The United States, however, cannot ensure Afghanistan will be properly equipped for accountability and control of ANSF if there is not a strong parallel political track between U.S. civilians working on the ANSF development effort and their Afghan counterparts. Things appear not to have changed much from Oxfam America's 2009 report on U.S. security assistance, which pointed out that "[i]n Iraq and Afghanistan, reliance on the U.S. military and private contractors to plan and implement U.S. SSR efforts has strongly reinforced the focus on operational capacity over accountability to civilian authority and respect for human rights." Oxfam correctly highlights in its report that the "[Department of State] should remain the lead agency in SSR, with the Department of Defense (DoD) facilitating the development of professional and accountable armed forces that are under civilian authority."
Advising and assisting ANSF is not just a military endeavor-it involves a great deal of political involvement and oversight. With a policy that utilizes a parallel political track, the U.S. can direct advisory brigades and teams in providing information to appropriate civilian counterparts so that they can address complex political-military issues. The U.S. must establish a strong political component that is led by the U.S. Department of State and dedicated to monitoring, reporting, and advising on the above SSR concerns in Afghanistan.
Another issue that U.S. policy vis-à-vis ANSF development neglects is civil society's involvement in the process. And because the conflict in Afghanistan is driven in part by Afghans' lack of trust in their government, such neglect is egregious. The existing U.S. efforts to encourage confidence in ANSF are superficial, consisting of propaganda campaigns rather than civil activities that would foster organic support for ANSF. Just as there must be democratic structures and processes that allow the Afghan government to control and monitor its security forces, there must be external avenues that allow Afghan citizens to convey concerns that help shape ANSF development and operations. For instance, providing assistance to civil society's involvement in these matters, such as building the ability of media to provide security sector oversight, encourages citizens to dialogue with their government and hold it responsible for its performance through the ballot box.
Educating Afghan media on their role in civil society as a ‘watch dog' for security force infractions is a critical positive step toward countering a myriad of issues-intimidation, government framing of incidents, restriction of information, etc.-that can hinder media oversight. The United States needs to establish a parallel civilian track that looks to secure the involvement of Afghan citizens in oversight of the ANSF through media, advocacy organizations, discussions with civil representatives, and elections. Afghans' use of elections to hold politicians responsible for the performance and control of domestic security forces is a clear demonstration of democratic accountability.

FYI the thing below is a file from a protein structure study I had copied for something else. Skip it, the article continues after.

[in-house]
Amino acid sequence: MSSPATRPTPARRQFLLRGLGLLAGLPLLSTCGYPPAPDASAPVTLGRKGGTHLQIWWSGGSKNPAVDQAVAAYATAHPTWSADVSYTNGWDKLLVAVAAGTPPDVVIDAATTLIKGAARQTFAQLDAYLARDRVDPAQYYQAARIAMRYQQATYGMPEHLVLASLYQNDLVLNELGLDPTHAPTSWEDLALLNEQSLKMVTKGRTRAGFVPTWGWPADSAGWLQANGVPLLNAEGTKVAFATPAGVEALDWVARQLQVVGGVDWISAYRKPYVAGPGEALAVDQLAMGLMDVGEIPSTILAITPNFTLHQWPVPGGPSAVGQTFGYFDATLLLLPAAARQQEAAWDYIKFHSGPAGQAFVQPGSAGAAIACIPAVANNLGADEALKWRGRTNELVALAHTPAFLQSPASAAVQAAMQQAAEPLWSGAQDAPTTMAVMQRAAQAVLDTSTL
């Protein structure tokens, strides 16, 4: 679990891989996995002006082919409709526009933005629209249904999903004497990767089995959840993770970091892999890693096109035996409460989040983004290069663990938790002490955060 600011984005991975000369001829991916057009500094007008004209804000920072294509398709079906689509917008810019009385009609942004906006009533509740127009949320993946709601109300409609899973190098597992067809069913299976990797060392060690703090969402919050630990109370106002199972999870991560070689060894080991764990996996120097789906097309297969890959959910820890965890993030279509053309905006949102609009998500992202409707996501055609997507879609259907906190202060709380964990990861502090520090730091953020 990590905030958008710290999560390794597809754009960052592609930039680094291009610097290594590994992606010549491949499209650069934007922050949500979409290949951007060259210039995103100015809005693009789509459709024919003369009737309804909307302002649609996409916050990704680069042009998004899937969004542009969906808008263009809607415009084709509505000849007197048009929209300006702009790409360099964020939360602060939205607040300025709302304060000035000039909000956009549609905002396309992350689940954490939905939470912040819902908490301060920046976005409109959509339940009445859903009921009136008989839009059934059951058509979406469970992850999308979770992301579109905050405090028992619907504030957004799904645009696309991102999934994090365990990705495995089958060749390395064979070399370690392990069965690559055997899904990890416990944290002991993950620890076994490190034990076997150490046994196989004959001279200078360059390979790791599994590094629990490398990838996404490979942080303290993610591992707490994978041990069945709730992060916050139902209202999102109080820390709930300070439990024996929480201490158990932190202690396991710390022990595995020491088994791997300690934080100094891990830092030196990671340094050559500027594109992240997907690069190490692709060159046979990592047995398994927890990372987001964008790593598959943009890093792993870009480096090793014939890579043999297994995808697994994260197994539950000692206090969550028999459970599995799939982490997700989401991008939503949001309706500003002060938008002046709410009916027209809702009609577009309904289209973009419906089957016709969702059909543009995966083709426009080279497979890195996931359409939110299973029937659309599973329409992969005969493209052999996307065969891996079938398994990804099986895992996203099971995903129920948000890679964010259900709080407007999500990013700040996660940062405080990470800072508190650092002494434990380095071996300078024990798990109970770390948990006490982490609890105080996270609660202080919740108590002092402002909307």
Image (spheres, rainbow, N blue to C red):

South Sudan-another test region for U.S. security assistance-provides a good example of what happens when security forces use overwhelming force in a nascent democracy, but citizens have no avenue to advocate for reform or hold their government accountable. When the Sudan People's Liberation Army (the SPLA-South Sudan's army) began to forcefully disarm militias in its historically restive Jonglei State-an effort that began in March 2012 and continues to date-the intervention resulted in numerous reported deaths, rapes, and extrajudicial killings, as well as a humanitarian crisis that persists to this day.
The SPLA's efforts in Jonglei State have alienated many from the Government of South Sudan. And while the fallout was predictable, the residents' inability to seek justice and security from the government is a failure for protection of civilians. Furthermore, it foments future conflict in South Sudan. Similar activity in Afghanistan would prove that Kabul and its forces are out of touch, not carrying out the will of the people, and essentially illegitimate.
As the United States looks toward a successful transition in 2014, it must address the above inadequacies if it hopes to provide Afghanistan with a fighting chance.
Ali A. Riazi is an advisor to NGOs and the U.S. government and military, with a focus on civilian protection, security sector reform, humanitarian affairs, and counter-terrorism. He served previously with the Afghanistan NGO Safety Office and the U.S. Marine Corps. He can be found at https://twitter.com/ali_riazi and http://www.abeingforitself.com.